People prescribed antacids are roughly twice as likely to later be offered drugs for respiratory allergies, such as hay fever or asthma, a new study finds. The research doesn’t prove that taking antacids causes allergies, but it adds to a growing body of evidence suggesting a connection between the two.
“I would not bet my house that this is a true phenomenon, but there is ample evidence” that it is, says infectious disease physician Edward Mitre of the Uniformed Services University in Bethesda, Maryland. Mitre was not part of this study, but he published research last year reporting a similar pattern in infants prescribed antacids.
Antacids, such as Nexium and Prilosec, work by decreasing acid production in the stomach. They’re often used for gastrointestinal reflux, which occurs when acid flows upward into the esophagus from the stomach and causes the uncomfortable sensation known as heartburn.
Antacids are typically considered low risk. But in recent years, some experts have worried about overuse. There are also indications that the drugs may alter immune function and heighten the chance of certain bacterial infections, perhaps because they change the balance of bacteria in the gut. This shift may compromise the immune system’s ability to react to invaders, making it easier for certain foreign bacteria to get a foothold in the body.
More than a decade ago, Erika Jensen-Jarolim began to wonder whether antacids could also spark allergies. A friend had shared unexpected news: He had abruptly developed a rare allergy to beluga caviar. Jensen-Jarolim, a clinical immunologist and allergy researcher at the Medical University of Vienna, then learned that her friend also took proton-pump inhibitors and sucralfate, both popular classes of antacids. Because the medicines blunt stomach acid production, food proteins aren’t broken down as much as they usually are. Those proteins are able to sensitize the immune system and trigger an allergic reaction in someone with a food allergy. Could these larger-than-usual protein pieces prime the immune system, making an allergic response more likely?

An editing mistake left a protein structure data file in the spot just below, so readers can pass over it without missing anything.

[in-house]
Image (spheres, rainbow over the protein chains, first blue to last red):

Jensen-Jarolim and her colleagues began to study mouse models of food allergy, beginning by creating a mouse allergic, like her friend, to beluga caviar. They found that proteins that were largely intact were much more likely to trigger an allergic reaction in the rodents than proteins that were degraded by stomach acid.
In the new study, the team turned to health insurance claim data covering nearly all of the more than 8 million people in Austria. The researchers analyzed prescription information from 2009 to 2013, focusing on antacids and allergy medications. On average, someone prescribed an antacid was about twice as likely to later be prescribed an antiallergy drug, such as an anti-histamine, as compared with a person who wasn’t offered an antacid, the researchers report today in Nature Communications. People over age 60 were five times more likely to get an antiallergy drug prescription if they had earlier been prescribed an antacid than if they hadn’t—with an absolute risk of almost 5% versus almost 1%. For those under 20 years old, the risk increase was much smaller, only about 1.5 times as high—almost 7% versus almost 5%.
Experts caution that the numbers do not definitively show that antacids can cause allergies. “What this shows are that two types of prescriptions for medications track in the same direction,” says Matthew Greenhawt, a pediatric allergist-immunologist at Children’s Hospital Colorado in Denver. “It doesn’t imply” that taking an antacid will later cause allergies, he says.
Jensen-Jarolim herself notes that the information she had was limited. For example, the data from insurance companies traced only what was prescribed, not whether patients actually took those drugs. The information also didn’t include health histories, such as which allergies patients were offered treatment for. Her study, too, focused on respiratory allergies, whereas her earlier animal models probed food allergies. She’s interested in now turning to a mouse model of respiratory allergy to see what antacids might do to that allergic response.
Mitre cautions that even if antacids increase one’s risk of allergies, people suffering from reflux shouldn’t necessarily stop using these medications. Doctors, he says, “just might need to reconsider how freely we prescribe them.”